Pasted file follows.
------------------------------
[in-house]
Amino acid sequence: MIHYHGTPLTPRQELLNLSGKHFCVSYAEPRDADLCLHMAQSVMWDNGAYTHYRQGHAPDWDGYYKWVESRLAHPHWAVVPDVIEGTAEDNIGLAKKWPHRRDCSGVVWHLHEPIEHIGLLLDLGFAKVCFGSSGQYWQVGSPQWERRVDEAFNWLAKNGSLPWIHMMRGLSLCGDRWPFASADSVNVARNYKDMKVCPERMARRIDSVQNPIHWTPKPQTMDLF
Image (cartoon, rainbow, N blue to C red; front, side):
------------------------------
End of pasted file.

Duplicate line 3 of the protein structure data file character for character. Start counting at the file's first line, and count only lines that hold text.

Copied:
Image (cartoon, rainbow, N blue to C red; front, side):